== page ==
01:01:23   the 8 and 8 Plus as they were. Yeah, they haven't done a lap around the course, right?

01:01:28   you know, number two is catching up.

01:01:30   - Which is maybe not shocking,

01:01:32   given that there was the pent up demand for the iPhone X

01:01:35   and so that there were an awful lot of those sold.

01:01:38   I think it's impressive that the iPhone X did

01:01:39   as well as it did in that quarter,

01:01:42   'cause it was only available for a third of it.

01:01:44   - Exactly, and also you'd think that like a $1,000 phone

01:01:48   will probably do its best numbers at two points

01:01:51   when it's released and the holiday quarter.

01:01:53   - And it was simultaneous. - When it goes to.

01:01:54   - Right.

01:01:55   - Yeah, and so like, you know,

01:01:56   that's when that's gonna happen,

01:01:58   And you say it happens at the same time.

01:01:59   - So here's my theory.

01:02:00   My theory is that Apple looked at how well it did

01:02:03   in December and said, "Whoa, it's gonna do this gap

01:02:06   away from the eight for its life.

01:02:08   This is what it's gonna be.

01:02:10   So this is how many we need to make."

01:02:12   And then as it got into that first calendar quarter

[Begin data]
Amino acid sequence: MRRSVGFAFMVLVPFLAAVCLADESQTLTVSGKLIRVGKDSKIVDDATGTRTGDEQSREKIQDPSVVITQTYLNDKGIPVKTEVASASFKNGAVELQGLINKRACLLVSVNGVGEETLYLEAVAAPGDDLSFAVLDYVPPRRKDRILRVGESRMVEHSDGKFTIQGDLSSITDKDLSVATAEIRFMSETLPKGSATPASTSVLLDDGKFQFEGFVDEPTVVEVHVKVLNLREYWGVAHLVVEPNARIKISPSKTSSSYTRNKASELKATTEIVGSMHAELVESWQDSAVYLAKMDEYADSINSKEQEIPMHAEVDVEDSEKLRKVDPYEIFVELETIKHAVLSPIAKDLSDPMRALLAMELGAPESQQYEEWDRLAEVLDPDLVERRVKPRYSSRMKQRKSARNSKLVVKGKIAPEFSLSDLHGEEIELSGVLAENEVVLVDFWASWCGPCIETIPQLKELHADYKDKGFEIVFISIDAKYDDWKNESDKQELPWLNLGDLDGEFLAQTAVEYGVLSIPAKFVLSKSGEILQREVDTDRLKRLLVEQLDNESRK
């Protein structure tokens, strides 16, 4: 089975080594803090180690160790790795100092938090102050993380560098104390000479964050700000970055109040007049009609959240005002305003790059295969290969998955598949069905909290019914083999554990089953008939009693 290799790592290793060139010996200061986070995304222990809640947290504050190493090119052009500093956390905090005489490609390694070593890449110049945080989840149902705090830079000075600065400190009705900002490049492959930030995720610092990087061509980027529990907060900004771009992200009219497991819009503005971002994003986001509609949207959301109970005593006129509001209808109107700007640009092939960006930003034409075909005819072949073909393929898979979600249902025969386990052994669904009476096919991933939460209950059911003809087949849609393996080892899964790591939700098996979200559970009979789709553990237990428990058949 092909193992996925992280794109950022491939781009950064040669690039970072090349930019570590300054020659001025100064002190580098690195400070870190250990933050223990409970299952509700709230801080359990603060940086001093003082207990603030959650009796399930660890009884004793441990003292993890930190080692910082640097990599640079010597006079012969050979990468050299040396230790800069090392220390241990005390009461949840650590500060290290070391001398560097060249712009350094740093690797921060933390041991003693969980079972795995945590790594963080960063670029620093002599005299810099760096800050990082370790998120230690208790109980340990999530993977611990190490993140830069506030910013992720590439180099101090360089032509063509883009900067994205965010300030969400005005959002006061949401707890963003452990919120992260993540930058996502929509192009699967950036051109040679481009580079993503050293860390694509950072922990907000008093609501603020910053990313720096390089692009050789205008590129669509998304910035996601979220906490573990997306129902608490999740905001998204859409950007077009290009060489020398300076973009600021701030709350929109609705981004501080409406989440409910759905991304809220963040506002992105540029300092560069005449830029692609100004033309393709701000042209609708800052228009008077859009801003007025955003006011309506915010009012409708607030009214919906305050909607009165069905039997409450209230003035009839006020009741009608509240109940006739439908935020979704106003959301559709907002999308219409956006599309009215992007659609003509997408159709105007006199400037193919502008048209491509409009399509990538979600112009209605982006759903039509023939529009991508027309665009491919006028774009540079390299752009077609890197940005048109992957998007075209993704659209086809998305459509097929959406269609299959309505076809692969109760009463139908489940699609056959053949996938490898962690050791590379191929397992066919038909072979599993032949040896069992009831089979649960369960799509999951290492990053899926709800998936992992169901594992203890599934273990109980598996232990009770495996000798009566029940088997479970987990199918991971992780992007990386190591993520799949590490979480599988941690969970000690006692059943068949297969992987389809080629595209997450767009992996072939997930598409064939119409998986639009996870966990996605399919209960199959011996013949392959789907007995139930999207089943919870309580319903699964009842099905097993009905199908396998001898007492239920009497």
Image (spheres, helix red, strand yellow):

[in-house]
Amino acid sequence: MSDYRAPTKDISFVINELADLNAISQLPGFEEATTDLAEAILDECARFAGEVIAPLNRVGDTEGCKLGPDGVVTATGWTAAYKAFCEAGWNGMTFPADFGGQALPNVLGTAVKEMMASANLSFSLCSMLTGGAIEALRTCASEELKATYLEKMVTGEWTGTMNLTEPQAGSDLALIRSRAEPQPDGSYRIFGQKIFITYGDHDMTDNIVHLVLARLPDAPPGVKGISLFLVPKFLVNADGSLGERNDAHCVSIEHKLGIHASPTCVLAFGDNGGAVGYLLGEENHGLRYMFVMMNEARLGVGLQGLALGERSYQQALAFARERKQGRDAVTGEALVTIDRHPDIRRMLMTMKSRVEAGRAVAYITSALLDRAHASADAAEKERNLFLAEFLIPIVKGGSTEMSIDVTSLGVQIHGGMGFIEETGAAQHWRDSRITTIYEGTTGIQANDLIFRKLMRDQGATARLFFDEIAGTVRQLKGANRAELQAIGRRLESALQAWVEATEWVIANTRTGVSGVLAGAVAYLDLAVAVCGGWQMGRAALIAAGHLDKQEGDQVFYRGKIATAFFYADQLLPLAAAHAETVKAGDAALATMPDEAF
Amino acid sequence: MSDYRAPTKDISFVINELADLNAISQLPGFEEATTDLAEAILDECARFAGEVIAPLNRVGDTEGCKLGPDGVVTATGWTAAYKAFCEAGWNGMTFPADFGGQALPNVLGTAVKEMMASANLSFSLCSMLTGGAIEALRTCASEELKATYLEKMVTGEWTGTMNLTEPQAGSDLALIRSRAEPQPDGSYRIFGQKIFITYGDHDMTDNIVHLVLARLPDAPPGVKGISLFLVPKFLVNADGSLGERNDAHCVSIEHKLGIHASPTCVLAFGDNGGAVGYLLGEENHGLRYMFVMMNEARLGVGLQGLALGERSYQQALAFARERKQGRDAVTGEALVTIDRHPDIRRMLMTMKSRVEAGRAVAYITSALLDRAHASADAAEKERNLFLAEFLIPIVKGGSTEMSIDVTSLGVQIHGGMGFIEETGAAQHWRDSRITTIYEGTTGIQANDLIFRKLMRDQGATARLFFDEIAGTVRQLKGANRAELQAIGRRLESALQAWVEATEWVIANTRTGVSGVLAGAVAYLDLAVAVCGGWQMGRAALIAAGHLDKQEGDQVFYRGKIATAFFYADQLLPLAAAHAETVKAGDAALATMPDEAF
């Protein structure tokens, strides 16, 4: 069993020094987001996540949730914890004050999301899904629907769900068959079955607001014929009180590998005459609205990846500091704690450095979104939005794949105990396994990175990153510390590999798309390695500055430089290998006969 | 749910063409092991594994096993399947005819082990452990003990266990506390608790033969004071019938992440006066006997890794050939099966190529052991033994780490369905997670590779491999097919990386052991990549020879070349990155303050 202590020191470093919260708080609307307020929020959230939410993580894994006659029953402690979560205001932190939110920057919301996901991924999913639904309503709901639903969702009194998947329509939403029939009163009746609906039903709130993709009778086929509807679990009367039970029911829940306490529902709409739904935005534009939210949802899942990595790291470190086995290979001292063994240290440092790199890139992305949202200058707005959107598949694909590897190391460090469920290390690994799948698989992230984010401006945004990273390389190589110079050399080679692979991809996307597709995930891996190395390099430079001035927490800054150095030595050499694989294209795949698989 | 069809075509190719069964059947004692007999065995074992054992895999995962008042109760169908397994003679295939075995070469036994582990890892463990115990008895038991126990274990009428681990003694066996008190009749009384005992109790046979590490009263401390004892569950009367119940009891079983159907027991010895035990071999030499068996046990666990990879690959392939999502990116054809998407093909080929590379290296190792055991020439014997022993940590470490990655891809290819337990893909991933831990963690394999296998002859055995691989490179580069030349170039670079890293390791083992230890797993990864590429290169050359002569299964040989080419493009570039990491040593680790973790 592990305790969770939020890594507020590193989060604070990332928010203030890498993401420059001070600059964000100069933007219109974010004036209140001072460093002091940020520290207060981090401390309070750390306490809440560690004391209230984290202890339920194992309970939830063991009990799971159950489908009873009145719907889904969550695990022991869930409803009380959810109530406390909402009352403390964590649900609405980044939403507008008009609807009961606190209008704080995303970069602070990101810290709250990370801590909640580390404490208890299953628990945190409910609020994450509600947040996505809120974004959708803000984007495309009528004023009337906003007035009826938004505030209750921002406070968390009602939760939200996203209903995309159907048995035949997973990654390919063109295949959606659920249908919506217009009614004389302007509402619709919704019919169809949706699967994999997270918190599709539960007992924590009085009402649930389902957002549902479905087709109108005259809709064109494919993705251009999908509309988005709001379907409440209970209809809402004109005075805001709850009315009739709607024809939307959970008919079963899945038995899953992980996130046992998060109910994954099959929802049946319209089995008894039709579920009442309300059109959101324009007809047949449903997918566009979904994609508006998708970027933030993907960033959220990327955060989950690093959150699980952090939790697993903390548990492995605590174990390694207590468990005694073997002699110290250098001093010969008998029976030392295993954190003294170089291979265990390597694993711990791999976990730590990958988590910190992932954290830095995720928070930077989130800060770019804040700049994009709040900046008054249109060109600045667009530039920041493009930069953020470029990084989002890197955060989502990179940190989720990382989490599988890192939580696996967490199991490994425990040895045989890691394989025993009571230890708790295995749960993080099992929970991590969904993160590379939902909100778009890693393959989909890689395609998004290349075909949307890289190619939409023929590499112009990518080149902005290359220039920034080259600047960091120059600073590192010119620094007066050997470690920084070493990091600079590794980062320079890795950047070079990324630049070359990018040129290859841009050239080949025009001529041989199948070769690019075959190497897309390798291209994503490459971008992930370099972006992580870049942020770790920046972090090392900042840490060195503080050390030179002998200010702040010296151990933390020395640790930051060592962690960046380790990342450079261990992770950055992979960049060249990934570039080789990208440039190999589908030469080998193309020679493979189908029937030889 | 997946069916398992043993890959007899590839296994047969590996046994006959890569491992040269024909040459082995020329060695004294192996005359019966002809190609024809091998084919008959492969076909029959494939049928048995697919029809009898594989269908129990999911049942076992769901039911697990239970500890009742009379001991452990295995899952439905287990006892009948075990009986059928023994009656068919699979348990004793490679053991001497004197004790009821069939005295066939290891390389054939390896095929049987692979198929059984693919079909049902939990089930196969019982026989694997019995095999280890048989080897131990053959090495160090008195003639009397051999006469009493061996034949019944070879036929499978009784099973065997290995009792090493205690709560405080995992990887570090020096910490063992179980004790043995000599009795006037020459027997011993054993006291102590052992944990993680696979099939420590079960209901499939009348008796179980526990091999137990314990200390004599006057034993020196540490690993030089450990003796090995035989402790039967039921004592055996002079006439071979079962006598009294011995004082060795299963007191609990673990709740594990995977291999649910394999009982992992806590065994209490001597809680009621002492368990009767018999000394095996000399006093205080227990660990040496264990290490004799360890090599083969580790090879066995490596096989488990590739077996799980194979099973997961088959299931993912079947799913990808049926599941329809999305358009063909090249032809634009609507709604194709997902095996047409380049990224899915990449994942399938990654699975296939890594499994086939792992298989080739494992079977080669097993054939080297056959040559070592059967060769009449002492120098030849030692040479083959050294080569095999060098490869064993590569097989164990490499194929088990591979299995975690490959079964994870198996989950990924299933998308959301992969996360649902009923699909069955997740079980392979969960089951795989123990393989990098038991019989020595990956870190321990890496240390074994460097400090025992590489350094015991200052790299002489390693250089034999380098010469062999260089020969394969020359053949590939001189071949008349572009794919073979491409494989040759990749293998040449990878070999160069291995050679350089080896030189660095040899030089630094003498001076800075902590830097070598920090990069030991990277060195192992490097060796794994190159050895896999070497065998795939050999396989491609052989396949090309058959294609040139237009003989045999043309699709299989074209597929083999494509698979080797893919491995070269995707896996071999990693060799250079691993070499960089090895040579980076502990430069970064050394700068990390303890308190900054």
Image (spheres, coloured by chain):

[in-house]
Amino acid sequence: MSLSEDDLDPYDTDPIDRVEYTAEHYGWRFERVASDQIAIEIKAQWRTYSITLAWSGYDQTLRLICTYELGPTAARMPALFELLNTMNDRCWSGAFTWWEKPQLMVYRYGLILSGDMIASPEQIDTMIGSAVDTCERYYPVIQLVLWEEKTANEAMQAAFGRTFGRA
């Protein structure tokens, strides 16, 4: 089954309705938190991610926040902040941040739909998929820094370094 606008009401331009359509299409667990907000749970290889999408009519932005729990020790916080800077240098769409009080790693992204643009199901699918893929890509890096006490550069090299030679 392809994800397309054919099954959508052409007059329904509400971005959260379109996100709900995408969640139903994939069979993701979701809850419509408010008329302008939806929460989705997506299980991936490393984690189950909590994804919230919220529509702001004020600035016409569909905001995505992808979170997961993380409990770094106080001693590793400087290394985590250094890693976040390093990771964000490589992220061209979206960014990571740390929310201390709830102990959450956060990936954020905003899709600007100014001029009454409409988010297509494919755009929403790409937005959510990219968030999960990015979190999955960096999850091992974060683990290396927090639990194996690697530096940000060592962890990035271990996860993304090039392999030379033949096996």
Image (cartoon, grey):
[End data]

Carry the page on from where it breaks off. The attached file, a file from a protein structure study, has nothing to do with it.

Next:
01:02:14   of this year, beginning of this year,

01:02:16   they started to see that that's not really

01:02:18   where it was gonna be.

01:02:19   It was gonna still be above the other phones,

01:02:21   but not quite as high up.

01:02:23   And that means that they bought too many components

01:02:26   for what the actual selling rate was. And that means they have more inventory. And Luca,

01:02:32   the CFO of Apple, said on the analyst call last week, basically that, he said, "Yeah,

01:02:37   we ended up with a little more inventory and it'll work itself out." And that was a very

01:02:41   pointed response to a pointed question about essentially the rumors that they had cut production

01:02:47   of the iPhone X. And I think the truth is somewhere in the middle, right? He kind of

01:02:52   shrugged it off as like, "Look, it happens. We had a little more inventory and it'll work

01:02:56   itself out soon and it's not a big deal. And the question was like, "Oh, Breathless. Oh,

01:03:01   iPhone X was doomed. What happened?" The truth is, I think, they looked at December and thought

01:03:07   the iPhone X was going to sell a bit more than it actually is selling.

01:03:10   Yeah, they may have gotten a little bit over excited.

01:03:12   Right. Or as Tim Cook said, "We won the Super Bowl, but not by as many points as we would

01:03:16   have liked to." Which is a weird metaphor, but you can sort of see it like we're very

01:03:21   proud of the product and it's great and it is our number one product even if you know

01:03:28   it didn't win by 30 points or whatever it still won the Super Bowl and it still gets